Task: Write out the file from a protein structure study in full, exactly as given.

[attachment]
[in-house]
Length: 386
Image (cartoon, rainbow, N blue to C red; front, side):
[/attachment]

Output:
[in-house]
Length: 386
Image (cartoon, rainbow, N blue to C red; front, side):